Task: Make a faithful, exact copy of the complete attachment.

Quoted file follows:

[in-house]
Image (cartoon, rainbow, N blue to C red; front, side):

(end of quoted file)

[in-house]
Image (cartoon, rainbow, N blue to C red; front, side):